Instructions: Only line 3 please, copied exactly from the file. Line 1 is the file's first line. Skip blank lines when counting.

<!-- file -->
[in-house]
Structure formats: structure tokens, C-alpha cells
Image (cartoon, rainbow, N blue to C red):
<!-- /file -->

Image (cartoon, rainbow, N blue to C red):